A more pointed engagement with reality produced some of the better works of the year, although censorship thwarted them from soaring. 

Storytellers are unsure how to navigate the political and social landscape of a region that continues to be in turmoil

The nurturing of promising young Arab talent by producers and executives, away from the American influence, is starting to pay dividends with the formation of a new Arab aesthetic, although it hasn’t fully flowered yet. 

Arab TV is in flux. The hunger for Arab content remains insatiable, but the medium has hit a snag this year, compounded by hesitation over where to go next. 

Here are the six talking points of the spring and Ramadan TV season: 

1. Arab TV misses its king

Gaafar El Omda was not just the biggest TV hit of 2023, it was an unrivalled cultural phenomenon, a rare Arab series transcending demographics and class, which attracted enormous viewing figures across the region. 

This year’s roster did not offer any work that came close to capturing the sweeping success of the Egyptian series, demonstrating how its star, Mohamed Ramadan, who was conspicuously absent this season, has become the most bankable front-man in Arab TV today.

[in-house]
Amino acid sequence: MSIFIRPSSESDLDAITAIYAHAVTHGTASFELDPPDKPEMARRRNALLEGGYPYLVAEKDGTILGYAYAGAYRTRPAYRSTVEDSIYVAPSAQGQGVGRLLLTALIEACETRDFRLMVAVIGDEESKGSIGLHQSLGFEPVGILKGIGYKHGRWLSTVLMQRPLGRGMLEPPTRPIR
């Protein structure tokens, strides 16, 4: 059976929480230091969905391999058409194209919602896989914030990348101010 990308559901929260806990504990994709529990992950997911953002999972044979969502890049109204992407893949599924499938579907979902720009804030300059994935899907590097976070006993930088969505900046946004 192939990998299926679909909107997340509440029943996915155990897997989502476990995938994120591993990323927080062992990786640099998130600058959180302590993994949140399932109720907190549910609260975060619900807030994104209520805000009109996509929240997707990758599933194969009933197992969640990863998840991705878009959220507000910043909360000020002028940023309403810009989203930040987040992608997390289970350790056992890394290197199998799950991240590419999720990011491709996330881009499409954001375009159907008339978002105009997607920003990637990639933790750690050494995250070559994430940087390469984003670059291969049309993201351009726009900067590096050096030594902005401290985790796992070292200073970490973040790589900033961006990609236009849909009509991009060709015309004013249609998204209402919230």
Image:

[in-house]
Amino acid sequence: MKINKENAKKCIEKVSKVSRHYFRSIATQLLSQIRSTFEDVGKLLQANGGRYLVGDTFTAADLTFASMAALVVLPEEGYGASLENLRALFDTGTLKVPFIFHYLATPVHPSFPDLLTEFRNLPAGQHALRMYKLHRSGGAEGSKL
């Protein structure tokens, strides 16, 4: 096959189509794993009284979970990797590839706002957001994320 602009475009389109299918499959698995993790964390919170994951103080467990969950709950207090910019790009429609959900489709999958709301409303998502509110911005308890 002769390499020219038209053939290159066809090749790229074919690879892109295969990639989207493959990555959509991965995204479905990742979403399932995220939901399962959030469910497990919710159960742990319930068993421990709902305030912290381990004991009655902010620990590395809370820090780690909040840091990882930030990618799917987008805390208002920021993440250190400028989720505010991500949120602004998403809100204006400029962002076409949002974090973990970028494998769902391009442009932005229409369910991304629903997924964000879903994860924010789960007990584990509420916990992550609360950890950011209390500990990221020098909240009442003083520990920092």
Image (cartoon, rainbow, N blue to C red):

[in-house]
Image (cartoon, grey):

Singer Mohamed Ramadan, seen here in Gaafar El Omda, is one of the Arab world's most bankable TV stars (Media Hub)

Gaafar’s creator, Mohammad Samy, was back this year with N'eama El Avoccato (N'eama, the Lawyer), another tale of revenge, centering on an ambulance-chasing female lawyer who lands the biggest case of her career, only to be betrayed by her conniving husband. 

Starring Samy’s wife, Mai Omar, N'eama offered ingredients familiar from Samy’s past work - sensationalistic plot, crass melodrama, and a polished working-class milieu. 

Its limited success proves once again that Samy’s addictive tall tales are reliant on Ramadan to achieve a wide resonance.    

2. TV catches up with reality of the Arab street

Having spent most of the past 13 years avoiding the reality of life in the region, Arab TV took the brakes off this year and at last began to immerse itself in the Arab street.